Noyes: A short phone call can change the dynamic of a case

May 7, 2014
Back to TopCommentsE-mailPrintBookmark and Share
Indiana Lawyer Focus

By Jon Noyes

During the summer of last year, I was supporting litigation in a rather unfortunate product liability case. The product at issue had exploded into our client’s face, but the explosion caused the product to shatter into pieces so tiny that only a small portion could be recovered. The rest of the product turned to dust. As time pressed on, it became painfully clear that we simply did not possess enough of the recovered product for our expert to complete the testing he needed to opine that the product was defective. After all, there cannot be a product liability case without a product.

noyes Noyes

It was only after going back to the drawing board that we found a solution. In initial interrogatories, we asked the defendant whether there had been any other complaints of the same type of product exploding during use. As it turned out, there were two. I entered the individuals’ names into the Public Access to Court Electronic Records system hoping that there would be something, anything, giving us a lead as to where to go next. Luckily, one of the other individuals filed suit against the same defendant in another district.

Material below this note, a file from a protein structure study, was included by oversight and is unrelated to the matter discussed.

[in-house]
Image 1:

I called the plaintiff’s attorney on the other case hoping to trade some ideas on moving forward. The attorney was also faced with the problem of a disintegrating product, but had found an expert with the specialized knowledge required to render an opinion. He had even deposed one of the defendants. The attorney gave me the name of his expert, we traded non-protected information, and I directed him to some cases useful in defeating an oncoming dispositive motion. Our firm got in touch with the expert and hired him. The rest is history.